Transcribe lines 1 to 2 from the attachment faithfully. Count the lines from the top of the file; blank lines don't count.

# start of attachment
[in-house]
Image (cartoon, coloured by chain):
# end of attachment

[in-house]
Image (cartoon, coloured by chain):